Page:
Homework booklet while watching the movie

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Transcript of Homework booklet while watching the movie


To Kill a Mockingbird by Harper Lee

Homework Activity Workbook


Atticus FinchFather of Jem and Scout, Atticus Finch sits on the Alabama State Legislature and acts as Maycomb's leading attorney. The epitome of moral character, Atticus teaches his children and his community how to stand up for one's beliefs in the face of prejudice and ignorance by defending a black man, Tom Robinson, wrongfully accused of raping a white woman. The voice of reason in the town of Maycomb and in the novel, Atticus dispels the wisdom and logic that is the core of the novel. He is a man that goes beyond the word tolerance; tolerance is merely to put up with something. Atticus looks at everyone and tries to understand who they are and where they are coming from and he quietly and subtly passes on wisdom to his children about taboo subjects like racism.Having lost his wife when Scout was two years old, Atticus devotes himself to his children despite criticism from family and neighbours who think his children lack discipline and proper guidance.He is looked up to by his family and his friends who "trust him to do right". Atticus Finch sets a standard of morality that no other character in the book comes close to matching. Atticus is a studious man whose behaviour is governed by reason. Once he decides that a given course of action is right, he perseveres regardless of threats or criticisms. But Atticus is not a crusader. He does not go looking for causes to champion. The Tom Robinson case was not one he volunteered to handle- the judge assigned him the case because he felt Atticus would do his best to win. Atticus's desire to avoid conflict when possible is another quality that the author obviously wants us to admire. Atticus stands as one of literature's strongest and most positive father figures.Although Atticus seems mellow and even old-fashioned, many of his beliefs are quite revolutionary. He allows Calpurnia to truly be a member of his family. He gives her full respect and fair treatment at all times. When Cal takes his children to her church, he seems unaffected. It is all part of his consistent code of conduct. At times, Atticus may almost seem a caricature of goodness. Never once does he falter or think ill of people. But in Harper Lee's capable hands, Atticus seems believable and true.Activities 1. In Scout's account of her childhood, her father Atticus reigns supreme.(a) How would you characterise his abilities as a single parent? ________________________________________________________________________________________________________________________________________________________________________________________________________________________________________________________________________________________________________________________________________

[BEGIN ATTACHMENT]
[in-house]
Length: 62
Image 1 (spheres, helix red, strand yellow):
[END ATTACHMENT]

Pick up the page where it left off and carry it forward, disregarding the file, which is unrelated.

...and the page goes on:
(b) How would you describe his treatment of Calpurnia and Tom Robinson vis a vis his treatment of his white neighbours and colleagues? ________________________________________________________________________________________________________________________________________________________________________________________________________________________________________________________________________________________________________________________________________(c) How would you typify his views on race and class in the larger context of his community and his peers? ________________________________________________________________________________________________________________________________________________________________________________________________________________________________________________________________________________________________________________________________________2. Describe Atticus's relationship with his children. ____________________________________________________________________________________________________________________________________________________________________________________________________________________________________________________________________________________________________________________________________________________________________________________________________________________________________________________________________________________________________________3. Did Atticus make an error of judgement in regard to the safety of his client and his children? Could he have kept his own children, and his client Tom, safer? ____________________________________________________________________________________________________________________________________________________________________________________________________________________________________________________________________________________________________________________________________________________________________________________________________________________________________________________________________________________________________________4. In failing to arrest Boo Radley at the end, Sheriff Tate is breaking the law, as is Atticus, who knows the truth of Ewell's murder. Do you agree with some critics that Atticus' actions are "wrong" as well as illegal? ________________________________________________________________________________________________________________________________________________________________________________________________________________________________________________________________________________________________________________________________________5. When Scout complains about her teacher, Atticus tells her that "if you can learn a simple trick, Scout, you'll get along a lot better with all kinds of folks. You never really understand a person until you consider things from his point of viewuntil you climb into his skin and walk around in it" (p. 33). (a) Where in the novel does Atticus himself demonstrate this kind of empathy? ________________________________________________________________________________________________________________________________________________________________________________________________________________________________________________________________________________________________________________________________________(b) How does he regard those who criticize, ridicule, or threaten him? ________________________________________________________________________________________________________________________________________________________________________________________________________________________________________________________________________________________________________________________________________(c) How would this ability to empathize with others help solve the problems that arise from racism and prejudice? ________________________________________________________________________________________________________________________________________________________________________________________________________________________________________________________________________________________________________________________________________Scout FinchBefore you make up your mind about Scout, you should remember that the voice we hear narrating the story is actually that of the grownup Scout - Jean Louise Finch - looking back on events that happened years earlier. Some of the opinions and ideas expressed in the novel are really those of the older Jean Louise. You should judge Scout by her actions and quoted words in the story, keeping these separate from the opinions of the narrator.Originally named Jean Louise Finch, Scout is the narrator. In the story she is looking back as an adult to the two years of her life when she learned about courage and kindness and the importance of doing what is right. She learned from her father and her neighbours that doing what is right isn't always rewarded, but it's the right thing to do and that protecting innocence is a large part of that.Jean Louise Finch, whose nickname is Scout, is only five-and-a-half years old when the novel begins, but she is already a complex and interesting personality. Her habit of speaking her mind in the presence of grownups makes Scout often seem older than her years. In recalling her first day in the first grade, Scout thinks of herself and her schoolmates as little adults, who must take care of the confused first-year teachers. Later, when she is unjustly punished for getting into a fight with a cousin, Scout takes it upon herself to explain to her uncle why his methods of handling children are wrong. After these incidents we are only mildly surprised when Scout is able to find the right words to turn away a lynch mob that has come to kill Tom Robinson. Scout is also something of an outsider. A tomboy, she is still not completely accepted by her brother Jem and their friend Dill. We never hear of her having any close friends her own age, either boys or girls. And in contrast to Jem, who is constantly disappointed by the shortcomings of human nature, Scout seems to take bad news in stride.Activities 1. How important is it to the novel that the narrator, Scout Finch, is a child at the time the events of the story take place? ________________________________________________________________________________________________________________________________________________________________________________________________________________________________________________________________________________________________________________________________________2. How is Scout able to maintain her positive outlook on life after the terrible events she witnesses in Maycomb? ________________________________________________________________________________________________________________________________________________________________________________________________________________________________________________________________________________________________________________________________________3. What are the conflicting messages Scout receives about "being